The N-Judah streetcar line turns 87 on October 21. SFMTA’s great blog has already posted some great photos of its 1928 opening, including one (the top one on their blog page) we don’t remember seeing before, so we’re going to share a couple of more recent shots instead. These were taken during a dead-of-the-night test run in 2010, after the LRVs had gone to bed for the night.
The purpose was to check clearances along the surface portion of the N-line to see which historic streetcars would be able to clear. Of course, the N-line was served by its original type of “Iron Monster” streetcars (like Muni No. 130) and then, for a third of a century, by PCCs like the ones that run on the F-line now. But years ago, when Muni installed an accessibility platform downtown-bound right where the tracks turn from Judah onto Ninth Avenue, they didn’t leave enough room for at least a few of the historic cars to clear the curve without scraping the ramp. In response, the Muni leadership of the day simply banned all historic cars from the N-line.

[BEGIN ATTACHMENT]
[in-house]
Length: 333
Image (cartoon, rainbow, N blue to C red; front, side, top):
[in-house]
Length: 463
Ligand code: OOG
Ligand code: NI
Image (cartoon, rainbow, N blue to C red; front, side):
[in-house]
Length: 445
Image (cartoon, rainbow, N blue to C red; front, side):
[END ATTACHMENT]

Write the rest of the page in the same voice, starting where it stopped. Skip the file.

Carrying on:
This meant that special event service for neighborhood celebrations or excursions and charters could no longer go out the N to Ocean Beach, as they had regularly since the days of the Trolley Festivals in the 1980s. (Excursions regularly go out the J, K, L, M, and the inner portion of the T, and are very popular. A few Saturdays ago, Muni ran a special vintage service on Ocean Avenue for the merchants there.)
Anyway, Muni already knew that the longest PCCs, the double-ended “torpedoes”, couldn’t clear the ramp at 9th and Judah, and it knew that narrower cars, like the boat trams and the 1050 class of PCCs, did clear. But what about the 12 full width single-end PCCs, the 1070 class, plus historic car No. 1040, the last PCC built in North America? At 9 feet even, those cars are eight inches wider than the 1050 class, which came second-hand from Philadelphia.
As it turned out, the 2010 test showed they do clear the ramp. Muni hasn’t yet lifted the blanket ban on historic streetcars on the N-line, but we hope they will, and are advocating to allow charters, excursions, and special service for the neighborhood out there. Maybe after the Sunset Tunnel rerailing project is completed…in time for the N-line’s 88th birthday next year!